thu 25/07/2024

CD: Cliff Richard - Just Fabulous Rock 'n' Roll | reviews, news & interviews

CD: Cliff Richard - Just... Fabulous Rock 'n' Roll

CD: Cliff Richard - Just... Fabulous Rock 'n' Roll

Britain's 76-year-old rockin' pioneer returns to his roots

Sir Cliff, eyeing up the Christmas charts

It’s 58 years since “Britain’s answer to Elvis Presley” had his first top 10 hit and now he’s back, and back to his roots, with a new CD, Just… Fabulous Rock ‘n’ Roll, released by Sony with whom, at the grand old age of 76, he has signed a lucrative new contract. And don’t mock. It’s a terrific album: 15 classic songs including a “duet” with Elvis Presley, without whom.

Recorded at the Blackbird Studio in Nashville, where the likes of Dolly Parton, Sheryl Crow, Hank Williams Jr, Taylor Swift and the Red Hot Chilli Peppers have worked, it’s produced by Steve Mandile of country quintet. Sixwire, who also plays guitar alongside bandmates Robb Houston (guitar), John Howard (bass) and Chuck Tilley (drums and percussion). Add Max Abrams, sax player with the Mavericks, into a mix that also includes seasoned bassist Alison Prestwood and Dane Bryant on keyboards and it’s all pretty cool. Cliff’s voice is everywhere: way out front in the mix and multi-tracked on all the backing vocals. And what’s remarkable is how little it’s aged, even on the falsetto ooohs which have long defeated Paul McCartney

It’s easy to mock Cliff and there were doubtless quite a few who laughed heartily when his halo seemed to slip following the disgraceful live-on-TV police raid on his home. There have been no charges and the singer is suing the BBC – rightly. Cynics might suggest that the presence on the Radio 2 playlist of the Chuck Berry cover “Roll Over Beethoven” is the Corporation’s atonement not just for cooperating with South Yorkshire Police but also for the studied neglect of many of his later records. 

John Lennon said 'Move It' was Britain's first rock record

But Just…. Fabulous Rock ‘n’ Roll deserves its fuss and fandango. Here is a man who’s sold more than 20 million singles in the UK, the third top-selling singles artist after the Beatles and Elvis, and who’s enjoyed eight US top 40 hits, including “Devil Woman” and “We Don’t Talk Anymore”. His first release, “Move It”, which hit the number two spot in 1958, was described by John Lennon as the first British rock record.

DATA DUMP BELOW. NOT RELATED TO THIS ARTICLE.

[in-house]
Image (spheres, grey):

Like Lennon and McCartney and just about every other 1950s teenager, Cliff started out playing skiffle. Like his idol Presley, he went on to record a good deal of schmaltz and make some dubious movies (though I still recall my childhood joy at Summer Holiday). Unlike Little Richard, another of his musical heroes to whom his very name tips a hat, his squeaky-clean image has always made him an easy target for detractors who can never come close to emulating his success. As the song says, God gave rock ‘n’ roll to everyone.

Forget all that and join Cliff as he steps on the gas and speeds down memory lane, perhaps in a cherry red ’53. The Presley duet is the least of it – there’s always something tacky about these beyond-the-grave re-treads – and anyway his cover of Presley’s “His Latest Flame” is much better. For my money the stand-out cuts are the Chuck Berry numbers, “Sweet Little Sixteen”, “Memphis, Tennessee” and “Roll Over Beethoven”, the single releasse, on which you can still sense the raw energy and excitement of teenage discovery. On the old Little Richard number “Keep a-Knockin’”, Cliff and the band are really smoking, and it’s once more with feeling with “You Send Me”, the Sam Cooke classic, and “Cathy’s Clown”, the Everly Brothers’ hit.

Cliff’s probably not going to pick up that many new fans at this stage in his career but this is a CD than many women (and perhaps a few men) would be more than happy to find under the Christmas tree. Move it!


Great new album from Sir Cliff

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